For a brief period in 1965 and 1966 The Yardbirds turned out to be at the cutting edge regarding popular music. And it wasn't even because of the guitar craft of Jeff Beck [the heaviest and most furious player before Hendrix made the scene], there was a cohesive collective spirit within the band fueled by the solid songwriting from Paul Samwell-Smith and Jim McCarty. I think the truth is probably that the band just missed their opportunity to record that solid signature full-fledged LP in 1965, and by the time they got around to doing it tensions were already high, with some of the earlier original magic disappearing into the ether. At this time Beck was all but ready to throw a fit every time somebody tried disagreeing with him, a trait that would haunt him forever. Sadly the notion of missed opportunities is nothing new to rock n’ roll ... Brian Wilson missed the opportunity to make Smile, Pete Townshend missed the opportunity to make Lifehouse, and Kerry Livgren missed the opportunity to become a priest. The Yardbirds are not alone.

“Mr You're A Better Man Than I” is one of the earliest and most direct protest rock songs, with Keith Relf giving out what is arguably his finest performance ... the weakest link as he always was, here he gives out a cool, collected, and convincing delivery that gives the impression that he actually cares for the anti-racist message he's announcing. Of crucial importance is the guitar solo, one that is wilder and with far more feedback than anything at the time. If you keep in mind that during the mid 60’s hard rock was not just in its embryonic state, but was still reserved for libido-related self expression a la “You Really Got Me” .... then this track should achieve cult status, right alongside “[I Can't Get No] Satisfaction” by The Stones.

Another of Graham Gouldman's contributions, “Evil Hearted You” could have remained a memorable lightweight popsicle ditty in the style of “For Your Love,” but here The Yardbirds give it an entirely different coat, with an echoey production, challenged by mystical vocal overdubs, an attempt at snarling from Keith [the man just never knew when to quit ... but those were the times], and an exquisite guitar solo. This time the distortion took on an artistic quality, with a clever use of vibrato and a strange, proto-psychedelic feel to it. This is the kind of material that presages the early Doors, who would take this brand of dark pop, expanding on it, and taking it to a higher level.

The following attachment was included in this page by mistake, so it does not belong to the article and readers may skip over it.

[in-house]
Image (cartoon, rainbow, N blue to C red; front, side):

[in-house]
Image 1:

“I'm A Man” had already been heard on Five Live [and is heard here again in the same live version on Side B], but this version has little in common with the traditional live performance. At two and a half minutes, it rushes through the actual song at a blistering pace [one and a half minutes] and then completely dedicates the last minute to getting revved up like nothing else on the planet, cranking up the speed and having the entire band work together as one monstrous choo-choo train on twelve extra loads of coal. When Beck hits the "muffled" chucka-chucka-chucka guitar at the end of the song, excitement boils over, leaving me to wonder how many frustrated fans pulverized their chairs to these heavenly sounds?

“Still I'm Sad” is simply put, a song that begs this one lone question: "Where did this come from?” A song filled with bleak moody Eastern rhythms and this solemn Gregorian-style chantings[?] I be hard pressed to actually find a precedent. Though remember, this was done at a time when bringing in extra musical elements from who-knows-where wasn't at all considered an honorable occupation. Songs could be bluesy, or rockabilly-ish, or folksy, or Motown-ish, but you don’t go mixing these influences at will, and you sure didn't bring in anything that’s totally off the wall. “Still I'm Sad” is one of the first songs to break the taboo. It might sound a little naive today with the tremendous solemnity of the chanting that don’t quite fit in with the rather blunt lyrics, but it still holds as a suitably atmospheric, and of course remains a memorable composition.